Taking that symbol of cathartic hope and making it a symbol of the event itself has got a new cheerleader this week:
Rep. Michael Grimm (R-SI) said he’s pushing for protective status for the interlocking 20-foot steel beams in response to a lawsuit filed by the group American Atheists, which argues a “Christian icon” shouldn’t be in the 9/11 Memorial Museum.
“This cross was a symbol of hope and freedom at a time when New Yorkers were coping with . . . the aftermath of the deadliest terrorist attack on American soil,” Grimm said. He described the atheists’ opposition as “reprehensible.” [NY Post]
However, I think one of our commenters, “Jason,” on this article said it best:
To me this feels like something that really requires you to respect the conditions under which this form was erected. I can’t comprehend the feeling of being surrounded by dead bodies—being literally in the center of such an intense event—and having no way to express what you’re feeling in a way that anyone might hear. To see this form, find meaning in it (whether religious or not) and then erect it as a means of self expression is a viable way to work through the circumstances. In some ways this is more a piece of art than anything. And as art, it has numerous interpretations and is highly controversial. The second erecting of this as a memorial, may have unknown/questionable intentions. This is where it gets messy. The original was extremely expressive in just its angle. For instance, was it rising or falling? As art it left much to the imagination. The new vertical positioning and overall clean presentation seems to try to betray the original and attempts to be an answer and thus put an end to the original dialogue. It is no longer a culturally valued piece of civilian art encouraging a heated/ healthy public dialogue, but an economically valuable piece of corporate art diminished by a political board room dialogue.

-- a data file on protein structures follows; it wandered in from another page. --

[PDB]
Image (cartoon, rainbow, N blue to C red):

Now you go….